Dem lawmaker wants to defund DEA's marijuana eradication program
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Democratic Rep. Ted Lieu (Calif.) is pushing legislation to end funding for the Drug Enforcement Administration's (DEA) marijuana eradication program.

“This is a ridiculous waste of precious federal resources, especially when multiple states and jurisdictions have already legalized marijuana,” Lieu said in a statement on Wednesday, according to Fox News.

“It is time for the federal government to stop making marijuana use or possession a federal crime,” he added.

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Lieu’s proposed amendment to a 2016 fiscal spending bill would halve the DEA’s $18 million budget for the program, according to the report.

The $9 million saved would be used to fund domestic and sexual abuse support programs for children.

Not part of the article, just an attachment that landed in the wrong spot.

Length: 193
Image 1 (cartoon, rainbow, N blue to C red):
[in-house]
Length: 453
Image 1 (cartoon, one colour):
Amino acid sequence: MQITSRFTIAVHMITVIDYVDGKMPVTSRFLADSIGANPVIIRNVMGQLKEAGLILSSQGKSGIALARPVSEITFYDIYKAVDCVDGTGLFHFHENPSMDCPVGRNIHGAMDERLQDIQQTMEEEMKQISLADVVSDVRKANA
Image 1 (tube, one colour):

Lieu said on Wednesday that he intends to end the DEA’s program entirely by fiscal 2017.

“Next year, I will bring another amendment to eliminate the program completely,” he said.

Lieu said the DEA’s program is wasteful, given growing support for marijuana decriminalization nationwide.

Under the program, the DEA provides funding to state and local law enforcement agencies to burn confiscated marijuana plants. It eliminates both indoor and outdoor plants seized.

DEA records show that 4.3 million marijuana plants were destroyed last year, according to Fox News. That followed 4.4 million plants in 2013 and 10.4 million in 2009, it added.

The DEA also arrested 6,310 people in relation to its cannabis eradication efforts last year, according to the report.

Lieu's amendment would redirect the $9 million taken from the DEA’s program to three other measures, including $4 million for the Youth-Oriented Program created by the Violence Against Women Act, and $4 million to the Victims of Child Abuse Program.

Marijuana is currently illegal under federal law, but the Obama administration has respected state laws on the drug, declining to prosecute dealers and users in states where local laws do not criminalize pot.

The National Organization for the Reform of Marijuana Laws (NORML) says 17 states and the District of Columbia have decriminalized marijuana.

That means there is no prison time or criminal record for first-time possession of certain amounts for personal consumption, its website says.